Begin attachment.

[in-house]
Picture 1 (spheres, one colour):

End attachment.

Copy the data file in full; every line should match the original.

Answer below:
[in-house]
Picture 1 (spheres, one colour):